At the time of writing, I'm a 52 year-old working in the fields of mathematics and data science. In mathematics, that makes me well-seasoned (and probably well-tenured, if I had chosen to continue in academia). In data science, some would consider me a dinosaur. In fact, many older people considering a career in data science might be put off by the thought that data science is tough to break into at a later age. But is that statement true? Should the over 50 crowd put down their textbooks and pick up their gardening tools?Is Math a Young Person's Game? MaybeAs far as the mathematics portion of my career, I didn't become a mathematician until I was in my mid-thirties. Before that I dabbled with whatever venture brought in a few bob to feed the kids: computer operator, Ebay entrepreneur, aviation electrician. I was 36 when I decided to go back to school to get my master's. If Alfred Adler is to be believed, my "mathematical life" had already long passed by the time I graduated.Work rarely improves after the age of twenty-five or thirty. If little has been accomplished by then, little will ever be accomplished. Read the full article by Stephanie Glen, here. For other articles by Stephanie Glen, follow this link. Sponsored AnnouncementBe Indispensable With a Master’s in Data Analytics. As technology and the marketplace change constantly, you want the skills to thrive. The UCLA Anderson Master of Science in Business Analytics is a 13-month program that will give you the tools to become a leader in this rapidly evolving field. Read more here. See More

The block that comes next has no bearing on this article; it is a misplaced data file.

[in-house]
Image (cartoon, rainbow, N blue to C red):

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This article is by Jorge Castañón, Ph.D., Senior Data Scientist at the IBM Machine Learning Hub.Data visualization plays two key roles:1. Communicating results clearly to a general audience.2. Organizing a view of data that suggests a new hypothesis or a next step in a project.It’s no surprise that most people prefer visuals to large tables of numbers. That’s why clearly labeled plots with meaningful interpretation always make it to the front of academic papers.This post looks at the 10 visualizations you can bring to bear on your data — whether you want to convince the wider world of your theories or crack open your own project and take the next step:HistogramsBar/Pie chartsScatter/Line plotsTime seriesRelationship mapsHeat mapsGeo Maps3-D PlotsHigher-Dimensional PlotsWord cloudsRead the full article, with descriptions and illustrations for these visualizations, here.See More

Some original and very interesting material is presented here, with possible applications in Fintech. No need for a PhD in math to understand this article: I tried to make the presentation as simple as possible, focusing on high-level results rather than technicalities. Yet, professional statisticians and mathematicians, even academic researchers, will find some deep and fascinating results worth further exploring.Can you identify patterns in this chart? (see section 2.2. in the article for an answer)Let's start with Here the X(k)'s are random variable identically and independently distributed, commonly referred to as X. We are trying to find the distribution of Z.Contents1. Using a Simple Discrete Distribution for X2. Towards a Better ModelApproximate SolutionThe Fractal, Brownian-like Error Term3. Finding X and Z Using Characteristic FunctionsTest with Log-normal Distribution for XPlaying with the Characteristic FunctionsGeneralization to Continued Fractions and Nested Cubic Roots4. ExercisesRead this article here. See More